Goedgedacht food distribution in action

Special force teams the world over are taught when there’s a crisis, movement is life. Making a few mistakes along the way isn’t fatal but doing nothing is.

When the virus hit, the Swartland jumped into action, with most of our farmers quietly leading the way again. Existing charity programmes have been expanded and supplemented in an attempt to ensure food security in the region’s most vulnerable communities.

Swartland Municipality is co-ordinating the distribution of food parcels in co-operation with service organistaions like Goedgedacht, the ACVV and churches. Goedgedacht’s Path Onto Prosperity Programme (POP) centres have played a big role in addressing needs.

The Moorreesburg chamber of business has also instituted a large campaign with food parcels and clothing.

Further co-ordination of community food projects were highlighted at a recent meeting, discussed here SM hou vergadering met oog op provinsie se kosprojek.

The article highlights organisations participating in the distribution of food – Goedgedacht Trust (Riebeek West, Riebeek-Kasteel, Chatsworth, Riverlands and Koringberg); Malmesbury Sinithemba (Malmesbury, Kalbaskraal and Abbotsdale); Darling Outreach Foundation and Die Nessie; and, the Moorreesburg United Reformed Church (VGK).

Among them, the Goedgedacht Trust kicked into overdrive in recent months, especially for the distribution of food. The CSI division of the Goedgedacht Farm was founded in 1992 with the dream of uplifting rural communities through Early Childhood Development projects. Over the years the model has grown into 18 interventions called the Path Onto Prosperity (POP).

Goedgedacht POP project out on the streets
Goedgedacht POP project out on the streets

All the profits from the accommodation, weddings, venue hire and catering go to support the POP programme and the rural farm children that it helps.

What follows is a list of some of the initiatives that have been underway over the past few weeks. This includes the invaluable support of companies like Santam, the main sponsor of the Swartland Wine & Olive Route whose initiatives also highlighted below.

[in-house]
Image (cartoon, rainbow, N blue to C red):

AA Badenhorst Wines

They planted rooibos (a key ingredient in our Caperitif) on the farm, Kalmoesfontein, last year. For the first harvest, the entire family was involved. “Now we’re playing around with some packaging ideas, making small bags and printing with leaves and branches,” says Helena Sheridan, who is described in her email auto-signature as “the cousin who does the Marketing and ‘web stuff'”.

“We are also baking a lot more (all the teenagers in the family are staying on the farm now and they eat a LOT) in order to reduce trips to the shop. We’re experimenting with new ways to wrap and present the breads we leave for guests visiting our cottages.”

The downtime for the accommodation is also allowing them to make snag lists, fix what can be and plan for future events and functions.

“We’re putting seeds in the soil, adding mulch and cover crops to vineyards and preparing for winter,” says Helena.

READ MORE: What’s your story? A kaleidoscope of perspectives on Adi Badenhorst – the Swartland’s favourite storyteller

Allesverloren

Allesverloren says they’ve kept up payments of salaries and wages to staff as if they’re still working full time. It has also donated extra food to the elderly in its community. Amongst its activities, they’ve taken time to cut the rose bushes and sent some floral cheer to residents of the local Humanitas retirement home.

READ MORE: Allesverloren: Danie Malan on losses, gains and the singular appeal of the Swartland

David & Nadia Wines

David & Nadia report that they’ve set aside part of the wine cellar to cook soup twice a week, which is distributed to families living in Sieberitskloof.

One cellar worker, nicknamed “Klasie” has thrived with the initiative and so the project has been named “Klasie’s Kitchen” with the tagline: “It’s a Klaas act!”

The farm supplies the ingredients, Randall “Klasie” cooks them, and he and Benjamin distribute in the afternoons.

READ MORE: David & Nadia: A slow and steady Swartland love story for the ages

Lammershoek